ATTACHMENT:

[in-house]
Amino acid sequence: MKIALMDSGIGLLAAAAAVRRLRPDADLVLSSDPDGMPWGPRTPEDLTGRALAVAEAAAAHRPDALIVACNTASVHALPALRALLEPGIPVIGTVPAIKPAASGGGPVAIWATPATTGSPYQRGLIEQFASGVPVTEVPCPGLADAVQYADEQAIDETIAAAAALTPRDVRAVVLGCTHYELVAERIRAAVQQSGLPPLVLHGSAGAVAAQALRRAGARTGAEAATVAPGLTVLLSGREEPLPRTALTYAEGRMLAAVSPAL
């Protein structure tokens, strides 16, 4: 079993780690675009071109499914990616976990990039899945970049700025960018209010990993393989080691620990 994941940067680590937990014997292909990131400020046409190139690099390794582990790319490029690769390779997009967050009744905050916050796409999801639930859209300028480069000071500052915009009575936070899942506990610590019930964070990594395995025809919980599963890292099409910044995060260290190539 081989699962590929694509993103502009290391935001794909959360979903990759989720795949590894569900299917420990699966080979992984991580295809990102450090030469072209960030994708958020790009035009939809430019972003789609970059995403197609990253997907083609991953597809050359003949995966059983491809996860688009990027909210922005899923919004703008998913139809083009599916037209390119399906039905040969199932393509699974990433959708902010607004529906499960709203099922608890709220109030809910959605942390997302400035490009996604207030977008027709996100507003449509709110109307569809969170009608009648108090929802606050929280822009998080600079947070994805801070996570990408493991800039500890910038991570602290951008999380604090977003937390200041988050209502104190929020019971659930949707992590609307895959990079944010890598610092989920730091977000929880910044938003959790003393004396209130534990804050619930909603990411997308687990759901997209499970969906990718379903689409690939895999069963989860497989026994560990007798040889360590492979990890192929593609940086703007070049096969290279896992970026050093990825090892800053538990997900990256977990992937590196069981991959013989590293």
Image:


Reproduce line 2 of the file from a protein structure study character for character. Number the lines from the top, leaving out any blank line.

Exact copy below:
Amino acid sequence: MKIALMDSGIGLLAAAAAVRRLRPDADLVLSSDPDGMPWGPRTPEDLTGRALAVAEAAAAHRPDALIVACNTASVHALPALRALLEPGIPVIGTVPAIKPAASGGGPVAIWATPATTGSPYQRGLIEQFASGVPVTEVPCPGLADAVQYADEQAIDETIAAAAALTPRDVRAVVLGCTHYELVAERIRAAVQQSGLPPLVLHGSAGAVAAQALRRAGARTGAEAATVAPGLTVLLSGREEPLPRTALTYAEGRMLAAVSPAL